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09 Aug 2019


On July 1, 2019, it was reported that state government of Andhra Pradesh ordered review of power purchase agreements (PPAs) signed by state Discoms for the purchase of wind and solar power. According to the order, the state government has established a High-Level Negotiation Committee (HLNC) panel to review and renegotiate the PPAs. The government’s point of contention has been the issue of high priced PPAs entered in the last few years due to which the state Discoms have been facing huge power purchase dues. A condition that has led to financial distress.

Ensuing the directive, several renewable power producers challenged the Andhra Pradesh government’s move to renegotiate PPAs tariffs by filing a petition in the Andhra Pradesh high court. This could see a downward revision in agreed tariffs.


The high court’s stay on the Andhra Pradesh government’s order is expected to be positive for the developers, who were anxious because of the possible renegotiations and the apparent disregard of signed contracts. Moreover, it would have set a precedent for other states, which on similar lines would had looked to garner benefit citing the said order. It is noted that in an event of Andhra Government being successful in its endeavour - similar agreements entered by other states would have been threatened as well. This is counterproductive to the keenness of the central government when it comes to green energy and the fact that it is cutting down on its coal-based capacity additions. India has an ambitious target of attaining 175 GW renewable energy capacity by 2022.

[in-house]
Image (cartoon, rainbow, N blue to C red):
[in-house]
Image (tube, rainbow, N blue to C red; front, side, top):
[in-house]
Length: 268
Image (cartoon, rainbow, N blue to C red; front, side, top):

Several steps have been taken by the government in this regard to support the renewable sector, which includes providing fiscal and promotional incentives such as capital subsidy, accelerated depreciation, waiver of Inter State Transmission System (ISTS) charges and losses. The viability gap funding (VGF), the Green Energy Corridor projects along with integrated grids and Foreign Direct Investment (FDI) up to 100 percent under the automatic route are also part of the Government’s incentive plan. Further, to ensure cost competitiveness renewable energy projects are awarded through transparent bidding process (e- reverse auction), which has given reassurance to stakeholders.
Thus, if the sanctity of contracts is not respected, both the domestic and foreign investors would likely shy away from making future investment commitments in the country’s renewable sector, which has over the years coping with dampening of capacity additions despite consistent FDI inflows.

Trend in FDI investment in Renewable Energy sector


 Government press releases, Acuité Research

As reflected in the above chart, FDI in the country’s renewable energy sector has seen a sustained rise over the past few years with 2017-18 witnessing a sharp jump of 54 percent y-o-y to $1.2 billion from $0.8 billion in 2016-17. In fact, during 2018-19 as well, investment into the sector through the FDI route continued its upward momentum to $1.4 billion, albeit at a lower rate. Cumulatively foreign investors have infused $7.8 billion from FY2001 till FY2019 in the sector.